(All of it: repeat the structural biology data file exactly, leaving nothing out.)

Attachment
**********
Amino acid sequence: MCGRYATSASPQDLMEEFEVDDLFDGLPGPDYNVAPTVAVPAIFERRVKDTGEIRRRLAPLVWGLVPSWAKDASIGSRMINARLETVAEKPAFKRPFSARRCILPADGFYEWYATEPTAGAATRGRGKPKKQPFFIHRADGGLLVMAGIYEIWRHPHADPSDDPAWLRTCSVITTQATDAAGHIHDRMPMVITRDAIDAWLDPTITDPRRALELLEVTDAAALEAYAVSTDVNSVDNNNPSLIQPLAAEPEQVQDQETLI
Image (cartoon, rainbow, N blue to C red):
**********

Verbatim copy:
Amino acid sequence: MCGRYATSASPQDLMEEFEVDDLFDGLPGPDYNVAPTVAVPAIFERRVKDTGEIRRRLAPLVWGLVPSWAKDASIGSRMINARLETVAEKPAFKRPFSARRCILPADGFYEWYATEPTAGAATRGRGKPKKQPFFIHRADGGLLVMAGIYEIWRHPHADPSDDPAWLRTCSVITTQATDAAGHIHDRMPMVITRDAIDAWLDPTITDPRRALELLEVTDAAALEAYAVSTDVNSVDNNNPSLIQPLAAEPEQVQDQETLI
Image (cartoon, rainbow, N blue to C red):